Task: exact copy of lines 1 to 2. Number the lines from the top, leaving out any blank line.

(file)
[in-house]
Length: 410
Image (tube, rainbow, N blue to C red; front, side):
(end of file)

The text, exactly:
[in-house]
Length: 410